McSorley is looking to the future despite Covid concerns

Last November, Kevin McSorley was driven by the desire to further the sport of Australian Rules Football on this island after being appointed AFL Ireland president.

Fast forward seven months and his hopes for progress have been replaced with a drive to ensure the sport’s survival in this country as Covid-19 and the subsequent restrictions impacting upon sport, particularly those that involve physical contact, take their toll.

Because Aussie Rules isn’t a major game in Ireland, with a relatively small number of participants, many of whom are forced to balance their rugby and/or Gaelic Football commitments, the absence of any league action and even training so far this year means there are concerns that participation levels may fall to an unsustainable level.


At the beginning of his tenure as president of AFL Ireland, McSorley had set out his plans for the future in an ambitious and eye-catching strategic plan.

The Cookstown man was keen to address participation levels by introducing regional competitions, rather relying on just the All-Ireland League; he wanted to develop and bring a greater level of professionalism to the administrative side of the game, while also improving coaching and umpiring; he aimed to gain access to funding streams by gaining governance with Sport NI and Sport Ireland; he hoped to improve Ireland’s international standing in the game, to 
bring it back to the level it had been previously and finally he aimed to protect and grow the sport through professional promotion.

“One of the things I wanted to do was to develop accountability by giving people specific roles with jobs that needed done by a certain time and setting up teams of people who are accountable,” explained the Newtownstewart native.

“It’s about organising a structure and doing what every other sport is doing because it’s never going to go anywhere, it’s never going to go anywhere if it doesn’t get organised.

“One of the big things was governance and I’ve had a fair few meetings with Sport NI and Sport Ireland and we’ve climbed a good bit up the ladder there. But until we get governance from either or both we don’t qualify for grants from either.”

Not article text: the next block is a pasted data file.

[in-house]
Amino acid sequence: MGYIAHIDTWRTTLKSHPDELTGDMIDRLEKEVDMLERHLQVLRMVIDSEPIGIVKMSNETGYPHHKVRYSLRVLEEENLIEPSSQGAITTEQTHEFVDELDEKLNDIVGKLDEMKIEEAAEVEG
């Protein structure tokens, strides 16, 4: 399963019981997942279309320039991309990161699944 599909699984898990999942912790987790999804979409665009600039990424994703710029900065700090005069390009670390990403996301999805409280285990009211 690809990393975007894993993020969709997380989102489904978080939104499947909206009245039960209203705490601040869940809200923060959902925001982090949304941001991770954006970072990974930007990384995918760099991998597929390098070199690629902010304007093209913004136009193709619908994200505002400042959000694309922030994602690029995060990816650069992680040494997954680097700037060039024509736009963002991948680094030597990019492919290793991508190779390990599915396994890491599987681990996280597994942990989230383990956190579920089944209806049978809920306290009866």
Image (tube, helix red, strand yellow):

It’s the lack of financial support that is particularly frustrating for McSorley, who knows that without additional monetary support, his hopes of even getting access to an oval on which to play the sport properly will do nothing but hamper the development of Australian Rules Football on this island.

“As a player, having played for 15 or 16 years and then getting into coaching, there’s things you get a wee bit frustrated with, and it’s no-one’s fault,” added the Northern Regional College sports lecturer.

“We never had proper governance, we’ve never had a proper oval and when you get to go to Australia, which a couple of us have been fortunate enough to have done, and you play on ovals, you play at the MCG, we’ve played on the Kew Oval in London, when you get to experience that and then you have to come back and play 12-a-side on a rugby or GAA pitch, it’s just not the same game.

“The first time we got to go to London, we played on the Surrey oval and I was like ‘this is a different game! It’s completely different!’ You can actually play the game right and in Australia you have ovals dotted all around like parks here.

“And the other thing that is spurring me on is that GB have overtaken Ireland in the rankings and at tournaments over the last few years. There are a few reasons for that – they have a lot of Australian ex-pats there, they have a really strong league with three or four divisions, but they also have ovals everywhere. They are playing proper football so when it comes to the World or European tournaments, which are played on proper sized ovals, we get found out because our version is a GAA version of Aussie Rules, it’s very narrow, while they are using the wings and playing it properly because they are used to it.”


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